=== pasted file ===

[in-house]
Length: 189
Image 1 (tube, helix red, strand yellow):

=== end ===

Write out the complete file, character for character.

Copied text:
[in-house]
Length: 189
Image 1 (tube, helix red, strand yellow):